CSUN Chicano studies professor plays the harp in family band

    Chicano studies professor Fermin Herrera invited his jarocho ensamble to perform for his class. Photo credit: Jorge Neri/ Daily Sundial

    At the age of 26, Fermín Herrera witnessed Andrés Huesca play the harp in a 1940s film. From that day, Herrera knew he wanted to master the jarocho harp, a unique instrument from the southern region of Veracruz, Mexico.

    “It’s the energy he played with, the conviction, the security, the strength,” said Herrera, a Chicano/a studies professor at CSUN, about Huesca’s talent.

    Herrera plays the jarocho harp with his family band Conjunto Hueyapan. The band was founded in 1973 and originally from Oxnard, consisting of his two brothers, sister and two of his sons. They perform jarocho music, a genre also from the southern region of Veracruz. His son Xocoyotzin Herrera and his sister Maria Isabel Herrera also teach at CSUN and are part of the ensemble.

    Jarocho music use the harp, foot stomping, and regional instruments that are specifically crafted for this type of music, including the jarana jarocha, a small guitar-like instrument with eight strings. The requinto jarocho, a small guitar-like instrument with four strings. And the harp, which is different from performance harps since the jarocho harp does not have pedals.

    Early on, Herrera learned from Robert Murillo and Gollo Gutierrez, who were harpists from East Los Angeles. He continued his musical journey with lessons in Veracruz. Later, he had the opportunity to perform with well know musicians like Jaguares and Linda Ronstadt.

    Learning has always come naturally to Herrera. He graduated from UCLA, with a bachelor’s degree in Spanish language, and had interests in other languages. He is fluent in Spanish, English, Latin, Greek and Nahuatl, the native language of Mexico.

    Herrera has been teaching at CSUN for 42 years. His courses include regional music of Mexico, Mesoamerican civilizations, Nahuatl language, culture and language of the barrio. He offers his students the opportunity to learn how to play jarocho music by givng free lessons to anyone who is interested.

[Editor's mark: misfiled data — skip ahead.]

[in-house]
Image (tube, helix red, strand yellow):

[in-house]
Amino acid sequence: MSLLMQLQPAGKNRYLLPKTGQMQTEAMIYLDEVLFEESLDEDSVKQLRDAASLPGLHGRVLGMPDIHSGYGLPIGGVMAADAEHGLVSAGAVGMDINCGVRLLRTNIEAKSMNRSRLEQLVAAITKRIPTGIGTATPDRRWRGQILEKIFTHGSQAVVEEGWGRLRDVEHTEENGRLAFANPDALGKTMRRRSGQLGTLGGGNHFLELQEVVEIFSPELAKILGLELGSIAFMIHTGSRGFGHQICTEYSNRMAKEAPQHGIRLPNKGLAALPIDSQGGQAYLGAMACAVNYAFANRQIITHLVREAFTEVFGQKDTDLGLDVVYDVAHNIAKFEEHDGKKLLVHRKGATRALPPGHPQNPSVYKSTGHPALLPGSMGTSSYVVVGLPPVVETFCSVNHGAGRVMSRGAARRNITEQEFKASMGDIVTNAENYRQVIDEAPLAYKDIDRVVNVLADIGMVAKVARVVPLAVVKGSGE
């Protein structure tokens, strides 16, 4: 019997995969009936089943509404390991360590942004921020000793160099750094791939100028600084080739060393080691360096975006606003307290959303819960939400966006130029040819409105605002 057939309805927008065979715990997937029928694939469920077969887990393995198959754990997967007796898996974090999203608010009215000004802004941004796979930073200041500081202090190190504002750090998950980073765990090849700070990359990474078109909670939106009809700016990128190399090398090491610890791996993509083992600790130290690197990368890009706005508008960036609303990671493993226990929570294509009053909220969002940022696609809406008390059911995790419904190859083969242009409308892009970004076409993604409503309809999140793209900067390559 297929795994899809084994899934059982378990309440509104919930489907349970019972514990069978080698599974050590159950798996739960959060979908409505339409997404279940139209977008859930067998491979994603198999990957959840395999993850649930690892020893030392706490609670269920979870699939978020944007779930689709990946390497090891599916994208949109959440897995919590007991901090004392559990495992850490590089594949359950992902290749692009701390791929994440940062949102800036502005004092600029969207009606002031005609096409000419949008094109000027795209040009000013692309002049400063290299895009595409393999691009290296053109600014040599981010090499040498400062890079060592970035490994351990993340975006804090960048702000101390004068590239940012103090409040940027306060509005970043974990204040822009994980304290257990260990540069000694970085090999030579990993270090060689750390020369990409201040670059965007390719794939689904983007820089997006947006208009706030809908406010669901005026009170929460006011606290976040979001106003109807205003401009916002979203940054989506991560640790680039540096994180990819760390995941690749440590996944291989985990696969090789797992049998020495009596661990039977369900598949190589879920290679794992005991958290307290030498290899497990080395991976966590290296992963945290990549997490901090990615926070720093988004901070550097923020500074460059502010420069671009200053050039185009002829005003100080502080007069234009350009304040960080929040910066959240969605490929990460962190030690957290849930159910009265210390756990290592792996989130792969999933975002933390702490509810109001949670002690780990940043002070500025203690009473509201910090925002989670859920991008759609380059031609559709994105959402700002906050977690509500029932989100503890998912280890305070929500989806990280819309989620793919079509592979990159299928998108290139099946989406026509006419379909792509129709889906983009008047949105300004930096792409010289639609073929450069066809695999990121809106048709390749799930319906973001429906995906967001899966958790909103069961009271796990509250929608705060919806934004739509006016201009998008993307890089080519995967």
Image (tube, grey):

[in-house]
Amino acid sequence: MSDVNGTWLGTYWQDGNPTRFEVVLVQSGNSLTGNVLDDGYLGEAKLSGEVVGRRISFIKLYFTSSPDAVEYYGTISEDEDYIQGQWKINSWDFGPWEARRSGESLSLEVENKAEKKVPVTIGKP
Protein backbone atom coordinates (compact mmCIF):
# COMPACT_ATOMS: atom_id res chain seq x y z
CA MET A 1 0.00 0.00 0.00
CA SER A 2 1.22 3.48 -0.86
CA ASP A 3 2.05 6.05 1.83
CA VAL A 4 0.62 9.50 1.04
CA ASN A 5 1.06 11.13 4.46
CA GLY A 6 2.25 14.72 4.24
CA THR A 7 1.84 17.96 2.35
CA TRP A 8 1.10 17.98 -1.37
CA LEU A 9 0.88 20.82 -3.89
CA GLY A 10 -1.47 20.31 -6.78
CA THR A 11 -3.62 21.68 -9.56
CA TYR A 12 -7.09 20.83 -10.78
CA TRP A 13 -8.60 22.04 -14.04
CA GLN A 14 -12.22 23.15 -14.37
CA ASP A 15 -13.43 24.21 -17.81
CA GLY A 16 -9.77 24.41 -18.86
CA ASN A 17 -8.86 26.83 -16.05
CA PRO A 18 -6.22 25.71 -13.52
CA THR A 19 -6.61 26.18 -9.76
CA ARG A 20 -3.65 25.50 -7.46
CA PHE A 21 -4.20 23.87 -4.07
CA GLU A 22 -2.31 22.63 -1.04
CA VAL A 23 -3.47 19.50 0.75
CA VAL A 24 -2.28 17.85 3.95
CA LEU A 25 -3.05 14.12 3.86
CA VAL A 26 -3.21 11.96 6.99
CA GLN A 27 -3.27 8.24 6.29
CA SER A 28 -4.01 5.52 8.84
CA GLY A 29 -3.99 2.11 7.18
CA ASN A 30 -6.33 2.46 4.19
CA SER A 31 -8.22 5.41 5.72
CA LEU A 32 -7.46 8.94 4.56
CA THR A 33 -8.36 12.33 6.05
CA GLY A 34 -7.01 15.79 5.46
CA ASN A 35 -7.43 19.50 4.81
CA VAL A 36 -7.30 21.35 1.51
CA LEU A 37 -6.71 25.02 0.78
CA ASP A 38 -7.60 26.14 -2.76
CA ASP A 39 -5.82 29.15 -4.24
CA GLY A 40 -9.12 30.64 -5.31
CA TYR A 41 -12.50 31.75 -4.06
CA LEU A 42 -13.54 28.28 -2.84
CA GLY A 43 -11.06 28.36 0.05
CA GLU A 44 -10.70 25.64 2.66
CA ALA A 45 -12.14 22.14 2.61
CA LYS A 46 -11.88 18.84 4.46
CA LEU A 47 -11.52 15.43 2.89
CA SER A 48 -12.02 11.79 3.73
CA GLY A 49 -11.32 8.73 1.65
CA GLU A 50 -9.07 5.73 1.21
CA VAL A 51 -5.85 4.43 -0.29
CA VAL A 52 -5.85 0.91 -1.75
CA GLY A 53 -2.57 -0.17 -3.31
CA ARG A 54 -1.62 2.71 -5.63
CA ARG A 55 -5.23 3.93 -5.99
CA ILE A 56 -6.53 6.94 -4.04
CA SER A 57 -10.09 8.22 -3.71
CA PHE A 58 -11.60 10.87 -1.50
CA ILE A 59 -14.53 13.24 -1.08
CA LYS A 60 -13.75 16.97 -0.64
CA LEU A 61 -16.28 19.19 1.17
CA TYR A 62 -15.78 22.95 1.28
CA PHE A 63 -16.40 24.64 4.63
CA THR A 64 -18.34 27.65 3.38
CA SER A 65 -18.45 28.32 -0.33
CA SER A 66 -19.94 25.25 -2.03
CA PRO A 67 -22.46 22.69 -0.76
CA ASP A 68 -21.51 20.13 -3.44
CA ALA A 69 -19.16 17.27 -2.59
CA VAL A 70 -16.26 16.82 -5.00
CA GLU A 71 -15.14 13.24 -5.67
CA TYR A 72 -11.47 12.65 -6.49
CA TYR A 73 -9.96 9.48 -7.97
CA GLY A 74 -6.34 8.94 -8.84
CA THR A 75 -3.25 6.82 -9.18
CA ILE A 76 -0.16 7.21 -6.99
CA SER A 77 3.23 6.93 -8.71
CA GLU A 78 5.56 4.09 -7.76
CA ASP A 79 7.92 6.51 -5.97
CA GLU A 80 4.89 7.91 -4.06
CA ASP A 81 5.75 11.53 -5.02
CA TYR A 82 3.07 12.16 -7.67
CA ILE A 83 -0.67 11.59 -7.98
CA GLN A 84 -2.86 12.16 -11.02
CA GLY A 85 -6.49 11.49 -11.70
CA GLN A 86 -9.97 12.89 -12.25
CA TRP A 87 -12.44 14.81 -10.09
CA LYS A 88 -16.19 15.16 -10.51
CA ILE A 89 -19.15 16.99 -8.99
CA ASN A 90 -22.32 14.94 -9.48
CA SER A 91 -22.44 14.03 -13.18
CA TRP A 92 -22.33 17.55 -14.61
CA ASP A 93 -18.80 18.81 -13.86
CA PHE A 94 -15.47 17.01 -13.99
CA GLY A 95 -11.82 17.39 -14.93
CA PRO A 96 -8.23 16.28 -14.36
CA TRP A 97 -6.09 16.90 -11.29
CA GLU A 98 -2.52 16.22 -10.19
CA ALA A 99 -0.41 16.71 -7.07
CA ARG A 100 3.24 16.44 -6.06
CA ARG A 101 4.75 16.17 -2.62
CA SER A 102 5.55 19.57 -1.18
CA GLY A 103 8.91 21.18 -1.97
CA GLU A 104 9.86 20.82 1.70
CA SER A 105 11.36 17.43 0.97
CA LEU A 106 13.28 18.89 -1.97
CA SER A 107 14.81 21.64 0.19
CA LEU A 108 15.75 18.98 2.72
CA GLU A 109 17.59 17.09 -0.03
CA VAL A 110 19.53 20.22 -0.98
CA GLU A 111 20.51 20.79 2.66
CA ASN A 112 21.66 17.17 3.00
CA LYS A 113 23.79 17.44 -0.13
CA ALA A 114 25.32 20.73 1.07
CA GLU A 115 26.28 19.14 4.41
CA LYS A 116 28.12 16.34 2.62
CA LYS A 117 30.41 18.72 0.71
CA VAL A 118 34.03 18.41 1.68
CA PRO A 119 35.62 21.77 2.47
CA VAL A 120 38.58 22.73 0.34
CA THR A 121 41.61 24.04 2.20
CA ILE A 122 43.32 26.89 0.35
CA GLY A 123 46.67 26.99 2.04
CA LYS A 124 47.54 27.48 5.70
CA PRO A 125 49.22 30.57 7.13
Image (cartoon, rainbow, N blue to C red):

“I’m doing what I always wanted to do,” Herrera said. “I’ll say that I have derived more benefit from my career as a teacher, than my students because I did it selfishly, it was for me.”

    He said students need to have the desire to learn in order to succeed. In his classroom, he encourages his students to analyze the content on their own and then read the book to have a better understanding of the subject matter.

    “Student, in English, means one who is eager for, which comes from the Latin word ‘studere,’” Herrera said. “Eager for what? Who knows. But in Nahuatl the word is ‘momachtiani,’ which means one who causes or enables himself to know – and I find great inspiration in that.”

    He motivates his students to take classes just because they have the desire to learn about a new subject.

    “Take a course in astronomy, not for the units,” Herrera said. “Just take it, audit it, so that when you go out at night, the stars mean something to you. Take a botany class, so that when you are stuck in traffic the plants mean something to you.”